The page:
Obamacare “Horror Stories”–Who Are These People? How Many of These Stories Are True? Part 1

No doubt you have seen or read stories about innocent Americans who have become casualties of Obamacare. The law that was supposed to help middle-class families is now asking them to pay unreasonable premiums and sky-high deductibles. In many cases, they had perfectly good coverage that has been cancelled because it didn’t meet the Affordable Care Act’s (ACA’s) “standards.”

Trouble is, some of these anecdotes  just aren’t true. When an unbiased  reporter begins to make some phone calls, they start to fall apart.

Nevertheless,  these tales of Americans harmed by Obamacare  are being promoted by various conservative groups–including the Republican National Committee.  An internal RNC memo provides advice on how to collect stories of “victims” and feed them to the press.

Knowing this, when I read the horror stories,  I can’t  help but wonder: have the folks who are quoted checked prices on their Exchange?  Do they know  whether they are eligible for government subsidies?   How many didn’t  even try to find out because they just don’t like the ACA?  Who are these people who step forward to  identify themselves victims of the trainwreck called Obmacare? Where did they come from? How did the reporters who wrote the stories find them?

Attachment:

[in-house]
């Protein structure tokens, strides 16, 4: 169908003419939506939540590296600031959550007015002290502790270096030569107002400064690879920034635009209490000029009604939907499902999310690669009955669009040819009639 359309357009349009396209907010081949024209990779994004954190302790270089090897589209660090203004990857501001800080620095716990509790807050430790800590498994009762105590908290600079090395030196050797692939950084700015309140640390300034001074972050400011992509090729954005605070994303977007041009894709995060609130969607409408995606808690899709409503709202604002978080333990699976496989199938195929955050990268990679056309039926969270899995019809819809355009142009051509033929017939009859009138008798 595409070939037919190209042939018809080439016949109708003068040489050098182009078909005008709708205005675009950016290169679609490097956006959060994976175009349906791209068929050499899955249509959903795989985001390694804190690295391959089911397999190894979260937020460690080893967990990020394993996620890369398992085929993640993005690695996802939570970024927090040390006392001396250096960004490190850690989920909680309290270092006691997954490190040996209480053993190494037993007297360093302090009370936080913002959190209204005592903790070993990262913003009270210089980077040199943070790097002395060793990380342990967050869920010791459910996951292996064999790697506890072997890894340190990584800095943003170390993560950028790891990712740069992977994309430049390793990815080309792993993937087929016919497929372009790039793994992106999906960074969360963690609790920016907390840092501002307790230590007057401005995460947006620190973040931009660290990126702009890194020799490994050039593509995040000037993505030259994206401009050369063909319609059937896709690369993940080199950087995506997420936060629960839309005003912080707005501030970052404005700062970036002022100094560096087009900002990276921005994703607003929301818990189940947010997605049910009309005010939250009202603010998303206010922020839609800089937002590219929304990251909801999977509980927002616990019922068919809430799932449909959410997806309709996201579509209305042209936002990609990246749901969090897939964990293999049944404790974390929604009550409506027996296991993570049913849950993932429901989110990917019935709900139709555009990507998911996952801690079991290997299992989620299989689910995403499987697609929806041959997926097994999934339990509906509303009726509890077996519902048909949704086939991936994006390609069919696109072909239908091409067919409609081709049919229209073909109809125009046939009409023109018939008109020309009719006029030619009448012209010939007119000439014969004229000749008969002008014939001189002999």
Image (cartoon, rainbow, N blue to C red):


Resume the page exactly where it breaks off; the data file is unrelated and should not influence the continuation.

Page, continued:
Finally, and perhaps most importantly, are journalists  fact checking their tales? How many are just writing down whatever their sources tell them?

          A Young Mother Suffering From MS Searches For Insurance

A few weeks ago, I stumbled upon a story that ran in the Fort Worth Star Telegram on November 26. The lead is compelling:

“Whitney Johnson, an Arlington 26-year-old with multiple sclerosis, can’t afford to go without health insurance. Her life depends on it.

She gave birth to her first child Sept. 2 after undergoing a series of rigorous steroid treatments, surgeries and a plasma exchange that saved her life. She pays $325 a month for an individual insurance plan – a drop in the bucket compared with the cost of her plasma protein replacement therapy, which runs $40,000 a pop. She undergoes treatment every five weeks.

But now, with the Affordable Care Act in full swing, Johnson’s insurance is under threat.. . .